Achieving sustainable financing in a fragile context

The Democratic Republic of the Congo has faced repeated conflicts over the past two decades that have weakened institutions and led to millions of deaths (particularly among women and children), largely as a result of preventable diseases and malnutrition. Health expenditure in the country is low, at only half the average of low-income countries. A recent public expenditure review revealed that addressing this low expenditure does not require complicated new revenue generation measures, which are likely to be challenging to implement in a context in which institutions are still recovering from prolonged conflict. Instead, a combination of straightforward interventions could more than double the domestic resources currently available for health.

Increasing general tax revenues through better enforcement and administration of existing taxes and new levies from the natural resources sector could increase government health spending by 0.4% of gross domestic product (GDP). Increasing the share of the government budget that is allocated to health could increase spending by 0.3% of GDP. Better execution of budgets –from making appropriate allocations, to establishing controls to assure proper use of funds as well as monitoring and reviewing funds to ensure that limits are not exceeded –could increase spending by 0.6% of GDP. Recent economic growth in the country has exceeded 7% per year, which creates an important opportunity to increase resource mobilization for health.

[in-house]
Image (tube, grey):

At the same time, partners in the country such as GAVI, the Global Fund, UNICEF and the World Bank, are harmonizing their approaches and aligning their work to support the Ministry of Public Health’s objective of reducing fragmentation among partners. The partners are jointly supporting a large-scale program that aims to improve the delivery of an essential integrated package of RMNCAH services through performance-based financing and by addressing key bottlenecks in the health system.

Source: GFF Business Case